To get a sense of who really controls La Jolla Pharmaceutical Company (NASDAQ:LJPC), it’s important to understand the company’s ownership structure. The group with the largest number of shares in the company, around 46% to be precise, are hedge funds. That is, the group will benefit the most if the stock goes up (or lose the most if there is a downturn).
And last week, hedge fund investors ended up benefiting the most after the company hit $108 million in market capitalization. The one-year ROI is currently 15% and last week’s gain would have been more than welcome.
In the table below, we zoom in on the different ownership groups of La Jolla Pharmaceutical.
Check out our latest analysis for La Jolla Pharmaceutical
What does institutional ownership tell us about La Jolla Pharmaceutical?
Institutions typically measure themselves against a benchmark when reporting to their own investors, so they often become more enthusiastic about a stock once it is included in a major index. We would expect most companies to have some institutions listed, especially if they are growing.
As you can see, institutional investors own a sizeable share of La Jolla Pharmaceutical. This suggests some credibility with professional investors. But we cannot rely solely on this fact since institutions sometimes make bad investments, like everyone else. If multiple institutions change their minds on a stock at the same time, you could see the stock price drop quickly. So it’s worth checking out La Jolla Pharmaceutical’s earnings history below. Of course, the future is what really matters.
Our data shows that hedge funds own 46% of La Jolla Pharmaceutical. This is interesting because hedge funds can be very active and militant. Many are looking for medium-term catalysts that will drive the stock price higher. Our data shows that Tang Capital Management, LLC is the largest shareholder with 37% of shares outstanding. With 9.0% and 3.2% of the shares outstanding, respectively, RTW Investments, LP and The Vanguard Group, Inc. are the second and third largest shareholders.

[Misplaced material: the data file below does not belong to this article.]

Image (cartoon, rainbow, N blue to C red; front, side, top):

To make our study more interesting, we found that the top 4 shareholders control more than half of the company, which implies that this group has considerable influence on the decision-making of the company.
Institutional ownership research is a good way to assess and filter the expected performance of a stock. The same can be obtained by studying the sentiments of analysts. There is a little analyst coverage of the stock, but not much. So there is room for him to gain coverage.
Insider ownership of La Jolla Pharmaceutical
The definition of an insider may differ slightly from country to country, but board members still matter. The management of the company answers to the board of directors and the latter must represent the interests of the shareholders. In particular, sometimes the senior executives themselves sit on the board of directors.
I generally consider insider ownership to be a good thing. However, there are times when it is more difficult for other shareholders to hold the board accountable for decisions.
Our data suggests that insiders hold less than 1% of La Jolla Pharmaceutical Company in their own name. It appears that the board holds approximately US$507,000 in stock. This compares to a market capitalization of US$108 million. We generally like to see a more invested board. However, it may be useful to check whether these insiders have bought.
General public property
With a 32% stake, the general public, consisting mostly of individual investors, has some influence over La Jolla Pharmaceutical. Although this group may not necessarily make the decisions, they can certainly have a real influence on the way the business is run.
I find it very interesting to see who exactly owns a company. But to really get insight, we also need to consider other information. Take risks for example – La Jolla Pharmaceutical has 3 warning signs (and 2 that are potentially serious) that we think you should know about.
But finally it’s the future, not the past, which will determine the performance of the owners of this company. Therefore, we think it’s advisable to take a look at this free report showing whether analysts are predicting a brighter future.
NB: The figures in this article are calculated using trailing twelve month data, which refers to the 12 month period ending on the last day of the month in which the financial statements are dated. This may not be consistent with the annual report figures for the full year.
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This Simply Wall St article is general in nature. We provide commentary based on historical data and analyst forecasts only using unbiased methodology and our articles are not intended to be financial advice. It is not a recommendation to buy or sell stocks and does not take into account your objectives or financial situation. Our goal is to bring you targeted long-term analysis based on fundamental data. Note that our analysis may not take into account the latest announcements from price-sensitive companies or qualitative materials. Simply Wall St has no position in the stocks mentioned.